Mastering Negative Inquiry: An Advanced Listening Skill for Navigating Criticism


In the midst of our polarized society, refining advanced listening skills has taken on heightened importance. The ability to navigate intense anger and criticism without succumbing to defensiveness is a vital life skill that can foster understanding across diverse realms, such as race, gender identity, and politics. Particularly crucial is the mastery of the art of listening when individuals fueled by a sense of injustice and a lifetime of racialized trauma share their experiences. Demonstrating a capacity to listen without defensiveness to the pain and anger of others, especially those who have faced systemic racism, demands emotional maturity. In this context, the imperative of mastering advanced listening skills becomes evident.

Negative Inquiry: The Goal

In a recent blog post, I discussed fogging as a helpful listening skill when facing criticism, emphasizing the importance of agreeing with the truth of another without compromising integrity. Another crucial skill is negative inquiry, aimed at transforming a critic into a coach rather than an opponent. This skill is most effective when combined with other listening techniques, as outlined in my book, Thrive: The Facilitator’s Guide to Radically Inclusive Meetings, 2nd ed.

The essence of negative inquiry lies in urging the critic to specify the behaviors that are causing their distress. Often, criticism comes in broad generalizations, making it challenging to address the underlying issues. Negative inquiry seeks to turn vague criticisms into actionable insights.

Structure of Negative Inquiry

Negative inquiry involves asking targeted questions that extract specific details from the critic. An example:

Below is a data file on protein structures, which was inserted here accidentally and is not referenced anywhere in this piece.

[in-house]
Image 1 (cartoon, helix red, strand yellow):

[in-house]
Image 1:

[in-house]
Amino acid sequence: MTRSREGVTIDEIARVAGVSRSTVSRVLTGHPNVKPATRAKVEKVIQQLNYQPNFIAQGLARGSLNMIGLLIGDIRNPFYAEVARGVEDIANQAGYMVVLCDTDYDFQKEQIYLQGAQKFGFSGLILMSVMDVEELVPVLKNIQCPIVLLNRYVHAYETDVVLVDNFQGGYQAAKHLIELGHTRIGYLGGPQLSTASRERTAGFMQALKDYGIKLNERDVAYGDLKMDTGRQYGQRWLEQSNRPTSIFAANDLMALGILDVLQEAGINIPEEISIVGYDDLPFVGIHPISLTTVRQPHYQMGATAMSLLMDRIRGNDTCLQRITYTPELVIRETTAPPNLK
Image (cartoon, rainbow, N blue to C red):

Critic: “You’re a very poor facilitator.”

Listener: “I understand you think I could be a better facilitator. What specifically do you wish I would improve?”

Critic: “You got us started fifteen minutes late. We wasted time socializing.”

Listener: “Is there anything else about my facilitation that concerns you?”

Critic: “You didn’t welcome everyone. How can you start a meeting and not greet everyone?”

Listener: “Anything else?”

By filling in missing details through these questions, negative inquiry allows for a clearer understanding of the specific behaviors causing concern.

Benefits of Negative Inquiry

Beyond its utility in addressing criticism, negative inquiry offers the added benefit of calming the nerves of both critic and criticized. By transforming the cycle of criticism and counter-criticism into a learning experience, it encourages a constructive dialogue rather than a defensive reaction.


In a society marked by division, the mastery of advanced listening skills, including negative inquiry, is a powerful tool for fostering understanding and resolving conflicts. By embracing these skills, we can transform criticism into opportunities for growth and collaboration.

For more insights and resources on conflict resolution and inclusive meetings, visit my website at Feel free to reach out via email at or give me a call at 425.405.5615. I am committed to personally responding to every inquiry.

Dr. Mark Smutny, an award-winning author and nonprofit consultant, specializes in conflict resolution services and guides nonprofits toward mission success. His book, “Thrive: The Facilitator’s Guide to Radically Inclusive Meetings, 2nd Ed.,” offers valuable insights into creating inclusive and effective meeting spaces.